Khyber-Pakhtunkhwa jails are increasingly overcrowded with few plans to increase space or build new facilities.
PESHAWAR: There are 8,211 inmates – men and women – incarcerated in prisons and lockups across Khyber-Pakhtunkhwa (K-P) whereas, at maximum capacity, these institutions can just about accommodate 7,596 inmates. With two major prison breaks in the last two years, it seems the government has few actionable plans to reduce overcrowding – something which considerably detracts from a safe-house’s security level.
The province is host to altogether 22 prisons; this includes four central jails, 10 district jails, four sub-jails and four judicial lockups. The four central jails in Haripur, Bannu, Peshawar and DI Khan account for over half of the body of inmates in K-P – 4,984.
Haripur Central Jail currently houses 1,971; the largest number of prisoners. This is followed by Peshawar Central Jail with 1,702 prisoners, Bannu Central Jail, 802 and 509 inmates at DI Khan Central Jail.
The most overcrowded prison is Peshawar Central Jail. It is authorised to accommodate 450 people. That amounts to 1,252 extra bodies to house, feed, cloth, monitor and keep healthy. Considering it is the heart of the province, Peshawar Central Jail is often the prison of choice for detainees and their families. It allows easy access.
DI Khan Central Jail is the only under populated facility. The building can accommodate 1,506 people but it currently house only 509 prisoners. The one in Haripur is over its official capacity by at least 374 inmates.
Around 189 people have been handed down capital punishment by the courts, all men. There are 136 in Haripur Central Jail followed by eight in Peshawar and 17 in DI Khan central jails. Timergara District Jail houses 17 prisoners on death row.
For the past several years, a plan has been in the works to demolish Peshawar Central Jail and construct a larger facility in its stead. No progress, however, has been made, other than an architectural model of the said jail.
A decision has also been made to construct another central jail in Mardan to incarcerate militants but the idea is yet to go beyond the drawing board.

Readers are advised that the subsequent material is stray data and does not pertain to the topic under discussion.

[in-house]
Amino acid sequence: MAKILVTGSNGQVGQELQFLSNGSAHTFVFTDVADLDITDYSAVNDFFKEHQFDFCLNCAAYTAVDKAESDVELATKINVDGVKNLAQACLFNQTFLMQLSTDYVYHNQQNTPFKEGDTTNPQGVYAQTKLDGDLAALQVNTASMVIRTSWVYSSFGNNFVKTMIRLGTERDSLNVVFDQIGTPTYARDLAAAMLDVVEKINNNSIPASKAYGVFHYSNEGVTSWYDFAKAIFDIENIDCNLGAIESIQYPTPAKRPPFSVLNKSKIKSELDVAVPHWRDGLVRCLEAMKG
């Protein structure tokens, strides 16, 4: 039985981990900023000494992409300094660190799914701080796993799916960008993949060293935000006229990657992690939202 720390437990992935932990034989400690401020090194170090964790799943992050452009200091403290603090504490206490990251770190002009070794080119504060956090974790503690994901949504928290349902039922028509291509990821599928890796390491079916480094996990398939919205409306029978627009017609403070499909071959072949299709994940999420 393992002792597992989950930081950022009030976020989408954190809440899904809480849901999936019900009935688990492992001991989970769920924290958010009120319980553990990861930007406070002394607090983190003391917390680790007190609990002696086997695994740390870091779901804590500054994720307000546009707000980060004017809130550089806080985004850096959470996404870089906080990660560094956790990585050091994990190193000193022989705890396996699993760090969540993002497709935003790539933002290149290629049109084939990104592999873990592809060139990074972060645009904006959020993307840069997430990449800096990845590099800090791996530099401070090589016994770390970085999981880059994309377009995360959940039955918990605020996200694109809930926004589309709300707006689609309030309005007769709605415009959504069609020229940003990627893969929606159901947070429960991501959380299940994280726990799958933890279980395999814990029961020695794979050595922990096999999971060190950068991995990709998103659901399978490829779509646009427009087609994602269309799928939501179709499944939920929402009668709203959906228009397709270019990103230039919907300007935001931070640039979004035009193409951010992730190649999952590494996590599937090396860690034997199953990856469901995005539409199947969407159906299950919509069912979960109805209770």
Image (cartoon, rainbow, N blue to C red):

Talking to The Express Tribune, a jail official in Peshawar said the main jail in the city is inevitably overpopulated. Prisoners would rather stay in the provincial capital than a jail far from where their families reside.
There is no concept of prisoner welfare in any jail in the province, complained the official.
“In 2000, the building which housed the handicraft factory burnt to the ground in Peshawar Central Jail; to date no one has bothered to rebuild it.”
Previously, handicrafts manufactured in the factory were sold in the market. “The prisoners were not being paid for their services but it kept them busy and provided them with an opportunity to learn a particular skill like carpet weaving,” said the jail official.
He pointed out in Sialkot most prisoners were engaged in manufacturing of sports goods and were even paid minimum wages.
“There are banks inside the prison where inmates can open an account and deposit their earnings.” He argued this was equally beneficial for prisoners as well as industrialists because prison is a cheap source of labour. “We should follow their example but it is not possible until the K-P government takes a decision.”
“There is a workshop for carpet weaving in Haripur but is hardly functional,” he added.